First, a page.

It’s been nearly a month since Donald Trump won the presidential election, and it’s clear that there is plenty of ill-will from the Clinton campaign towards the Trump campaign. The conversation got very heated on Thursday at a post-election forum held by the Institute of Politics at Harvard University’s Kennedy School of Government.
One of the accusations that the Clinton campaign made during the election, and reiterated yesterday, was that by hiring Steve Bannon, the Trump campaign had openly embraced the alt-right and white supremacists.
Clinton communications director Jennifer Palmieri tried to drive home that point against Trump campaign manager Kellyanne Conway, who refuted the notion that the campaign was won because of alleged racism:
Palmieri: If providing a platform for white supremacists makes me a brilliant tactician, I am proud to have lost. I would rather lose than win the way you guys did.
Conway: Do you think I ran a campaign where white supremacists had a platform? Are you going to look me in the face and tell me that?
Palmieri: It did Kellyanne! It did!
Conway: Really? And that’s how you lost?
Do you think you could have had a decent message for the white working-class voters? You think this woman, who has nothing in common with anybody…These counties, we flipped over 200 counties that President Obama won and Donald Trump just won.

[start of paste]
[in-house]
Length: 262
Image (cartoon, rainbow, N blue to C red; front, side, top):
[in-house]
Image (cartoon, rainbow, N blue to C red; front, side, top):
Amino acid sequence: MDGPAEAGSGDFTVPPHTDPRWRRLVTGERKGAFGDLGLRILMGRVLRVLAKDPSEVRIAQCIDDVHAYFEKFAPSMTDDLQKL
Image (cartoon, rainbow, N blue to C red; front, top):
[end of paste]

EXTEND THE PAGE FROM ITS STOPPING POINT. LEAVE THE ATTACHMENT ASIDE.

You think that’s because of what you just said or because people aren’t ready for a woman president? Really?
How about, it’s Hillary Clinton. She doesn’t connect with people. How about they have nothing in common with her? How about you had no economic message?
It wasn’t racism that carried Trump to victory. Besides, it was the Democrats who played identity politics. The Trump team built a message around creating jobs and stimulating the economy after eight years of Obama, which saw the economy grow at the slowest rate since the Great Depression.
For Palmieri and her Clinton campaign colleagues, they still refuse to admit the real reason that Hillary lost—an election that most political observers felt was hers for the taking—because it would mean acknowledging their own failures as well.